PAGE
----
Starting in 1999, the Coachella Valley Music and Arts Festival has been a juggernaut in the music festival realm.

Known for its celebrity attendees and superstar headliners all the same, the festival has become somewhat of an annual social media phenomenon in April each year.

People sitting at home scrolling on social media are bombarded with the unrelenting outfit pictures from influencers enjoying the festival and the inescapable marketing of the brands that have taken them.

Brand compounds have become commonplace at Coachella with established labels taking groups of influencers to the festival - giving them a place to stay, transport to and from the festival site, as well as an abundance of branded freebies.

All in exchange for some brand exposure.

Whilst the celebrity curated version of Coachella is fun to see online, it is so far from the reality experienced by many other people paying for the festival from their own pockets. 

A general admission ticket to the festival costs an eye watering $499 (about £400) and that is solely for entry into the festival.

For a shuttle to and from the festival, it’ll be $619 (£496.56) and this cost doesn’t even include somewhere to stay.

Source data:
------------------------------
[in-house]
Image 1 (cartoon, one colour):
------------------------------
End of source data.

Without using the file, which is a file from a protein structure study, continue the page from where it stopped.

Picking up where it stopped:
The cost is no issue for influencers being whisked away by big companies but something a person may have to save months for in order to afford. And the huge cost also doesn’t include onsite food and drink which could cost you anything from a reported $15 for one iced coffee to a disagreeable $64 for two burritos and a water. 

Concerns have also been raised about the impacts the festival has had on fast fashion. Whilst the festival has made a concerted effort to be more sustainable, festival goers feeling the pressure to dress to impress have turned to cheap and unsustainable one-time-wear clothing in order to look the part. 

The festival also tells us a lot about online culture and the ways in which we interact with influencers.

Vicariously living through these stars attending the festival makes the event seem largely unattainable especially for people living outside America.

The festival runs for two weekends. The first weekend has been described as a “celebrity pilgrimage” where the majority of the social media content comes from whereas the second weekend is for more casual attendance.

It can be fun to see an influencer's experience at Coachella although it does exemplify the gap between celebrities and the general public 

  • This article was written by Mia Bavington, from Peter Symonds College, as part of Newsquest's Young Reporter Scheme.